2015-01-11-birdman_movie_stillAfter my total loss of faith in the Academy before during and after the 86th Academy Awards I decided to re-engage with the Oscars for this year’s 87th awards. While I didn’t manage to see all the nominated films and didn’t grace anyone with my terribly inaccurate predictions I was much happier this year to see some of the films I had genuinely loved (Boyhood and The Grand Budapest Hotel) being nominated and was excited for the ceremony. While obviously I didn’t agree with every decision announced on Oscar night it was refreshing and the awards seemed globally well-deserved. Unfortunately due to a blip in my timetable I hadn’t seen Birdman before the ceremony but was quickly determined to rectify that.

Birdman certainly doesn’t disappoint. It’s a two hour non-stop rollercoaster film. Thankfully the vogue of 3.5 hour long Oscar-nominated pictures seems to have died down. The visual onslaught of Birdman being any longer would totally ruin the film. As it is the cinematic choreography makes the ride all the more exciting, althought you can’t help but wonder why Iñárritu’s preferred central point for following a character is about a foot and a half below their head at all times. Birdman does occasionally feel like a day in the life of someone shockingly short who never looks up.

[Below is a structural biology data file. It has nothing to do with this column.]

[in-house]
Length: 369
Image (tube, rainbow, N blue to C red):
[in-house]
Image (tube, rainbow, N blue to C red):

Thanks to this one-take effect the film has a frenetic, relentless pace that almost feels as if it’s all happening in real-time as it scans through the dark corridors of the theatre. It’s not just Michael Keaton playing a parody of himself. Every character in the film is either an actor or acting all the same. Particular credit needs to be given to the performances of Emma Stone and Edward Norton, both of whom light up the screen when they appear. The boundaries between life and performance have never been more blurred as Norton’s Mike Shiner talks about the importance of truth while manipulating his way into a love affair with lines straight out of some cheesy script. At times characters look coyly back into the camera as we follow them through the theatre, leading us through the hall of mirrors as if we’d stepped into Baz Lurman’s Moulin Rouge. Emma Stone’s ex-rehab daughter character serves as an emblem for a generation who learnt to have online personas before they even had their own personalities, perhaps a bigger con than any that the thespians are trying to pull.